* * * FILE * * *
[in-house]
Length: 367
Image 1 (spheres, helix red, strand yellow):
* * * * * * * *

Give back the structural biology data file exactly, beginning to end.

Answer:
[in-house]
Length: 367
Image 1 (spheres, helix red, strand yellow):